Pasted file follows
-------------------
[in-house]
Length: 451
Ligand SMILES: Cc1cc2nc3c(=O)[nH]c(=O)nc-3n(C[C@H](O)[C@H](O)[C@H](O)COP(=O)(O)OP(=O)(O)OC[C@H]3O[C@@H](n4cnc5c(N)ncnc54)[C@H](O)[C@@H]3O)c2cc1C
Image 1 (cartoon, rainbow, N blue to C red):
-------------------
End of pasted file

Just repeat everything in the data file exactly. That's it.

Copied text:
[in-house]
Length: 451
Ligand SMILES: Cc1cc2nc3c(=O)[nH]c(=O)nc-3n(C[C@H](O)[C@H](O)[C@H](O)COP(=O)(O)OP(=O)(O)OC[C@H]3O[C@@H](n4cnc5c(N)ncnc54)[C@H](O)[C@@H]3O)c2cc1C
Image 1 (cartoon, rainbow, N blue to C red):